Starting Anew, in Place

This brought my unconscious issues with the name Mickey to the surface. I began thinking maybe I’d start going by Ethan if I ever moved somewhere else, if I was starting anew. (I have a friend who did that, changing her name upon moving to Austin.)

Then I went on stage to try stand-up comedy in late January, and used the name Ethan Moore. Now I wasn’t just typing the name occasionally, I was introducing myself as Ethan and hearing other people call me Ethan. That’s an odd experience; I think more of our self identity is attached to our names than we realize. But it still felt like a good fit and quickly became more natural.

In many ways, I was starting anew in January. I re-launched this blog, started seriously assembling the pieces to launch a freelance writing career, and started trying stand-up comedy. I used my a new name in all of these endeavors. I just started anew without actually moving elsewhere.

Someone did once ask about the legality of calling myself Ethan Moore. In the US, you may use any pseudonym you choose provided you are not doing so in order to commit fraud. (In fact, common law tradition in most states allows legal name changes by usage alone, though in modern practice a court order would be needed to get most institutions to officially accept the change.) This person was overlooking a fundamental fact: “Mickey”, which I’ve used my entire life, is no more my legal name than “Ethan”.

I admit that when I hear “Ethan” I don’t think “me” automatically yet. But I’m not sure I think “Mickey” any more either, or at least not as strongly.

If you ever want someone you’re just meeting to give you a strange look, hesitate when they ask “What’s your name?”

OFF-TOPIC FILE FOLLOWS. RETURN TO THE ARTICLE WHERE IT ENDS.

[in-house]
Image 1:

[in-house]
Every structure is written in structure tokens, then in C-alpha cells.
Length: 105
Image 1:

Going Forward

I intend, when both time and money permit, to petition for a legal name change to “Mitchell George Ethan Moore”, adding Ethan as a second middle name. While, as I noted, doing that isn’t legally necessary to call myself Ethan Moore, I would still like the formal approval that would provide. By keeping “Mitchell George”, I honor my parent’s choice of names and my grandfathers from whom those names came. It also simplifies the process, as I probably won’t need to do anything for those institutions which don’t use my middle name or initial or which only record a single initial. That means my name change follow-up could probably be limited to the Social Security Administration, the IRS, my driver’s license, and my passport.

Finally, the big question: what should you call me?

  • If you’ve met me this year, call me Ethan. (I am going to ask anyone returning to my life after more than a decade to call me Ethan also.)
  • Family, I am sure, will continue calling me Mickey, and that’s fine, though they are also welcome to use Ethan.
  • The tricky group, my prior friends and acquaintances, in Austin or elsewhere: for now, call me whichever you want, “Ethan” or “Mickey” (or “Mick”). Just keep this dichotomy in mind, and know that the day could come when I will ask you to switch to Ethan.

 
In the end, I may have complicated the question “What is your name?”, but I think in the process I have learned and revealed a lot that helps answer the much harder related question, “Who are you?”